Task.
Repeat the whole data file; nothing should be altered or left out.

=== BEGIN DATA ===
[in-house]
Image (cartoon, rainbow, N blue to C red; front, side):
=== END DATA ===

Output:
[in-house]
Image (cartoon, rainbow, N blue to C red; front, side):